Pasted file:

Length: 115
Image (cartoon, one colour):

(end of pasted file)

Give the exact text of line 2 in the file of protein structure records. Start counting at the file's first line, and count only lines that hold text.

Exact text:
Image (cartoon, one colour):